When it game down to actu­al insight and fig­ur­ing out fun­da­men­tal things about our game and learn­ing about it, I used to get this ques­tion at con­fer­ences all the time and I always hat­ed it, which is, What’s the most sur­pris­ing insight you uncov­ered through your data?” I nev­er had a good answer for this ques­tion. Usually I’d default to some­thing like Well the big sur­prise was that there were no big sur­pris­es.”

And yeah, we’d uncov­er unusu­al stuff but it usu­al­ly just mys­ti­fied us. We were smart peo­ple, I had a strong human­i­ties back­ground in addi­tion to a tech back­ground. I knew things, I had cross-disciplinary knowl­edge, like I thought I was smart enough to slice and dice it and fig­ure out what this stuff meant, but the more I sliced and diced it, the more it was like infi­nite regres­sion of nest­ing dolls. You just open up this box and then there was anoth­er box, and then you open up that box and anoth­er box. It’s prob­a­bly a human head at the very bot­tom.

We’d uncov­er things like a whole bunch of peo­ple are buy­ing this par­tic­u­lar kind of item. Sometimes we’d look at it and at best we would notice that the item’s pret­ty over-powered for the price. Well great, that’s use­ful, but it’s not sur­pris­ing. It’s not an insight that our play­ers are opti­miz­ing for the sys­tems that we told them to opti­mize for. Over and over and over again, it just told us things are going the way you prob­a­bly expect them to go, but maybe they’re going worse or maybe they’re going a lit­tle bet­ter” and that was pret­ty much it.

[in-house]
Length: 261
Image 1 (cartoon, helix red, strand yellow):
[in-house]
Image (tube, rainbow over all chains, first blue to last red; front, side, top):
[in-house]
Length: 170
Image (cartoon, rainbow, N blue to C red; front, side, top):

People would want to know about mon­ey and pur­chas­ing habits, and that’s what we actu­al­ly got out of the realm of the epis­te­mo­log­i­cal shield that we had set up because now you’re deal­ing with humans with cred­it cards, and there were pri­va­cy laws and all these oth­er things. So I sort of said okay, I’ll do the busi­ness ana­lyt­ics on that side because I have to for the busi­ness peo­ple, but on this oth­er side is the game stuff look­ing at the game as a work on its own mer­it, and I can still slice and dice that and learn things. Over and over again we either learned that our sus­pi­cions were found­ed, which either meant that our sus­pi­cions were always right or that the way we were col­lect­ing this data was just set up to con­firm our sus­pi­cions, or we found weird things. For exam­ple, often­times when we’d find some­thing weird it was like this sto­ry I’m about to tell.